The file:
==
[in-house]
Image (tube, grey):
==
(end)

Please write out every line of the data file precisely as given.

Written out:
[in-house]
Image (tube, grey):